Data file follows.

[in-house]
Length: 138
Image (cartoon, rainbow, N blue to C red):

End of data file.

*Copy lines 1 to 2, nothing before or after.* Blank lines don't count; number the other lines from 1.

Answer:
[in-house]
Length: 138